Originally published by 2 Minute Medicine® (view original article). Reused on AccessMedicine with permission.

1. In patients with a pancreatic or periampullary tumour undergoing pancreaticoduodenectomy (PD), this retrospective study found no difference in surgical complications in patients who underwent preoperative biliary draining (PBD) and patients who did not undergo PBD.

2. Bilirubin level >15 mg/dL in patients undergoing PD was correlated with significantly higher overall complications.

Evidence Rating Level: 2 (Good)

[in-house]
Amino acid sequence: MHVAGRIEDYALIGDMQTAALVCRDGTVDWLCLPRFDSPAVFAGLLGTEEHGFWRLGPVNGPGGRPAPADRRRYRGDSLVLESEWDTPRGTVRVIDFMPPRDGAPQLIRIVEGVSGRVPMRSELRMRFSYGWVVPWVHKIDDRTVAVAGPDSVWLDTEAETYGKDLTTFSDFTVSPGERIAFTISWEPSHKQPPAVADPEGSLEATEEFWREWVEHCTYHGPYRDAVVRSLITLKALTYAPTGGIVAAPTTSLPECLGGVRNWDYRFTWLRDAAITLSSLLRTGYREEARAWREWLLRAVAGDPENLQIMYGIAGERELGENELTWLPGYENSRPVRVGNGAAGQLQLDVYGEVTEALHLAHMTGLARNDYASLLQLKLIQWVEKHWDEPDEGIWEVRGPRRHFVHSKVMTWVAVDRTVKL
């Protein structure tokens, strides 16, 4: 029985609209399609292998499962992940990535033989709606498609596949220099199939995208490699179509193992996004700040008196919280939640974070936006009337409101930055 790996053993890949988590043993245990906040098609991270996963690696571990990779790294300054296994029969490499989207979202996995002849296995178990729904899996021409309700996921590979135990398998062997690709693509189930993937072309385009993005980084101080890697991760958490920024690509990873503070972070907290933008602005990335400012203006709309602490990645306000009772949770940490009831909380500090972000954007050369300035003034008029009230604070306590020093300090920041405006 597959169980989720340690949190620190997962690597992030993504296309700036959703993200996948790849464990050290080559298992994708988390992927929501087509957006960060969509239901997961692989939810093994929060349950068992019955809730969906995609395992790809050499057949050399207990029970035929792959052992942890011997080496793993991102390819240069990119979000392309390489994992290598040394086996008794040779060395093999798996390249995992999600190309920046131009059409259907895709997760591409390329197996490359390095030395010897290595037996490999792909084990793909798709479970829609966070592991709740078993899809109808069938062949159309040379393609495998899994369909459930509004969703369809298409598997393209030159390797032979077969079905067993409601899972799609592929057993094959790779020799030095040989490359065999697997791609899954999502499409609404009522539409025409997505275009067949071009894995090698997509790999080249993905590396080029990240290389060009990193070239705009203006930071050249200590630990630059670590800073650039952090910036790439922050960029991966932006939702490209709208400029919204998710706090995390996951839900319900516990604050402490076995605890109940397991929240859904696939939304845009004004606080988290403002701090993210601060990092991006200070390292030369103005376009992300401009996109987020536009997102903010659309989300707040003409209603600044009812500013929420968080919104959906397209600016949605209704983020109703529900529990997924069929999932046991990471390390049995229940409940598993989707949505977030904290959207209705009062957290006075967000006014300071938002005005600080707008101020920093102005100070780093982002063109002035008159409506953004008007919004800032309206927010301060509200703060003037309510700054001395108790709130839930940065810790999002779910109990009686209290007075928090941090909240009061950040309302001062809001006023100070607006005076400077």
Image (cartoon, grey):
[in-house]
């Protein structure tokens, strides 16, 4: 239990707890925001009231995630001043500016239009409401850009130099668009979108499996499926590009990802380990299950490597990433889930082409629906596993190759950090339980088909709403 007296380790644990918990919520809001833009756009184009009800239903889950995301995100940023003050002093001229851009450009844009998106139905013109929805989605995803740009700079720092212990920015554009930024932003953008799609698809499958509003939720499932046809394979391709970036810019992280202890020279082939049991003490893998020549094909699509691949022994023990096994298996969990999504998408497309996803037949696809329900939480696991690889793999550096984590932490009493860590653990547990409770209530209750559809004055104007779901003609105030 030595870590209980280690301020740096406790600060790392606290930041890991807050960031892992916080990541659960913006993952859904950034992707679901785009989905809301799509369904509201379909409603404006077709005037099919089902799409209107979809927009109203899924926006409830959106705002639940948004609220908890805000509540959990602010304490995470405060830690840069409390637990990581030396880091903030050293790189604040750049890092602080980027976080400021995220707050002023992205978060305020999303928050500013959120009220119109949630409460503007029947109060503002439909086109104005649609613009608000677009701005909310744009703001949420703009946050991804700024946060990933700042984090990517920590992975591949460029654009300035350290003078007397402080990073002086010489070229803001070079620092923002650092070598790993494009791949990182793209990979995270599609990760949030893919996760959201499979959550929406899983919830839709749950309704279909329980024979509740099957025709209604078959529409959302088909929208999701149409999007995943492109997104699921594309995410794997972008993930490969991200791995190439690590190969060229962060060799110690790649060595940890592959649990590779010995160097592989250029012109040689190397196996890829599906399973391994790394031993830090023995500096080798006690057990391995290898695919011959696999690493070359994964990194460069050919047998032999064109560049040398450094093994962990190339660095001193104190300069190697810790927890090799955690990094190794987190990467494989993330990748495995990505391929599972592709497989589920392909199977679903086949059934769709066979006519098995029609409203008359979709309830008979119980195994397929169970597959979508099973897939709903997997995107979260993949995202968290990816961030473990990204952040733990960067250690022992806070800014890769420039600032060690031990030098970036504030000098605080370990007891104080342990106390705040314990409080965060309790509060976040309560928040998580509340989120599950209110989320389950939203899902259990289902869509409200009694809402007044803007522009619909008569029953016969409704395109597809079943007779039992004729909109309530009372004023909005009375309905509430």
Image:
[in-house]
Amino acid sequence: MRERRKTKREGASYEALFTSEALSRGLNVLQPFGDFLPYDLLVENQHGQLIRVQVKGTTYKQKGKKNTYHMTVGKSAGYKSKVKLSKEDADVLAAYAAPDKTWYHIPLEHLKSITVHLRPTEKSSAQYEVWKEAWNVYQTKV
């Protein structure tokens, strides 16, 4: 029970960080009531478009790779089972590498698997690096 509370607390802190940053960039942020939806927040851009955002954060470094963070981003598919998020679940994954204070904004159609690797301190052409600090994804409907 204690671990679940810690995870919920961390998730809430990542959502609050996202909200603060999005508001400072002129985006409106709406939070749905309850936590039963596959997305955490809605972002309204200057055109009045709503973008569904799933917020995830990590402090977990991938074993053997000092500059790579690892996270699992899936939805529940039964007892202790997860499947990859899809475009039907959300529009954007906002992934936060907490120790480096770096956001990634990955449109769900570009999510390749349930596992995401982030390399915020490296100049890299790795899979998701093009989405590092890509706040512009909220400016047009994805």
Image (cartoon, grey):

A significant complication of pancreatic and periampullary tumours is biliary obstruction, which can lead to cholangitis, coagulopathies, and gastrointestinal symptoms. The standard procedure for resecting these tumours is a pancreaticoduodenectomy (PD), which is associated with high mortality and morbidity. Hyperbilirubinemia was hypothesized to negatively affect the outcome following PD; addressing biliary obstruction with preoperative biliary drainage (PBD) was thought to reduce post-operative complications. However, there has been limited evidence regarding this, and the latest guidelines suggest the use of PBD according to certain criteria. This retrospective study included patients who underwent PD in three medium-volume Iranian centers between September 2012 and February 2022. Patients were further divided into two populations based on biliary obstruction, defined as a report of subjective jaundice or total bilirubin level of >2 mg/dL. With respect to the management of jaundice, most patients underwent endoscopic retrograde cholangiopancreatography (ERCP) and stent placement prior to referral to a pancreatic surgeon, and in cases of unsuccessful ERCP, a percutaneous transhepatic catheter (PTC) was used. During the study period, PD was performed by a total of 12 surgeons with similar techniques. Outcomes included mortality, defined as death within 90 days after surgery, severe post-operative primary surgical complications, as well as secondary surgical complications such as delayed gastric emptying (DGE), postoperative hemorrhage, postoperative pancreatic fistula (POPF), intraabdominal abscess, and wound infection. 147 patients were included in the study, with 73 (49.7%) receiving preoperative biliary stenting. Postoperatively, overall morbidity was 40.7% and mortality was 21.1%. There was no significant difference in postoperative mortality and morbidity between patients who received PBD and patients who did not receive PBD. Interestingly, bilirubin >15 mg/dL was correlated with higher overall complications (63.6% vs 33.0%, p=.008). In addition, surgery duration was significantly longer in patients with wound infection, intra-abdominal abscess, DGE, secondary complications, and overall complications. Of note, in patients with biliary obstruction, postoperative morbidity and mortality were similar between the PBD and no PBD group, with no risk factors significantly impacting outcomes. Overall, the findings from this study suggest no difference between PBD and no PBD in patients undergoing PD for pancreatic and periampullary tumours. A limitation of this study was that it was conducted only in Iran, and the results may not be generalized to populations with differing racial profiles. This study is an addition to the growing body of evidence surrounding preoperative biliary stenting; it is important to consider the potential financial burden of PBD and possible complications in the absence of clear benefits of the intervention.

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